The Commuter

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It’s 14 miles from my house to my place of work. I do this by car every dy, usually at day break. What I notice is not the number of cars on the road with me, but the fact that in each car, large and small, sits usually one driver.

In a world of abundant energy, this makes sense -who wants to walk to a subway station or wait in the rain for a bus? Our city planning is centered around the car, with multilane highways and huge parking lots which render walking a frazzling venture for only the very young or very poor. No car, no job. 14 miles is about 3-4 hours by walking, 2-3 hours by horse, an hour by bike, but a perfectly reasonable 20 minutes by car. It allows us to live in “the country” with large lots and trees, away from the city which is surprisingly empty of people before and after work hours. Very few people walk on the sidewalks of downtown. 

Last year, when gas went over 4 dollars a gallon, this meant 8 dollars a day to go to and from work. For people who live an hour out, usually because these homes cost less, this translated into 20 dollars a day (assuming a slightly more fuel efficient car), or a hundred dollars a week, or 400 dollars a month. Because of the economics of our car based lifestyle, the majority of people who make 40,000 or less live further out to share in the benefits of the American dream -a lawn, a 3-4000 square foot house. This 400 dollars a month or 4800 dollars after taxes easily translates into 10-20% of income. 

It was unsustainable for many, and the downturn in the economy, with slip in demand, brought a welcome reprieve to most who have managed to keep their jobs. The problem is that we have this moment to try to fix some of this, and likely we won’t. With the prices down, it makes sense to move closer to one’s place of work or move that work closer to the home. Walking distance is best. The problem is the suburbs and exurbs are not designed for bipedal commuting. Grocery stores are miles away, minutes by car but up to an hour by walking.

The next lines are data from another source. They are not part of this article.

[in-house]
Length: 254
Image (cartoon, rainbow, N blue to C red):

When the economy revives, demand will spike, and gas prices will go back to where they were last summer. This is a sure thing. What to do?

The sensible thing would be to increase the gas tax, ratchet it up slightly to make it hurt less. This was something proposed by President Carter a generation ago, so that we could bank during times of plenty, to develop energy alternatives because America’s oil reserves had gone “past peak.”

What is peak oil? In any oil field, there is a finite amount of oil. In any country’s sovereign territory, there are only so much oil accessible with available technology. As the oil runs out of a field, it takes more money to extract this oil. As known oil fields are tapped out, money needs to be expended exploring and developing newer fields. Investments must be made in extraction technologies. The oil wrung out of the fields may cost more than simply importing it -this is what the US faced in the seventies. We had gone past peak and every subsequent year, less oil was available domestically, and more had to be brought in from abroad. 

This has had many consequences. For a while, North Sea fields belonging to the UK and Scandinavian countries kept prices down and we had the flush years of the 80’s and 90’s -exactly the times when we should have been banking this wealth for future times of need. Carter saw this, being an engineer, and understood it. But America became besotted with cheap oil which allowed for cheap food and cheap stuff -all byproducts of petroleum (ref Omnivore’s Dilemma, Michael Pollan). It was made blind by 2, 4, and 6 year election cycles, when 10-100 year vision was needed. 

It is a closely held secret -the estimated reserves of the Saudi oil kingdom, but many experts believe that it has passed its peak. The hidden gift of this recession is cheap gas, but it is also a curse, because the impetus and economic incentive to purse energy alternatives while promoting conservation are gone when gas prices drop due to low demand. Think about this when you sit in traffic, idling that SUV along with everyone else sitting alone in their car. 

reference

The Long Emergency, James Howard Kunstler. 

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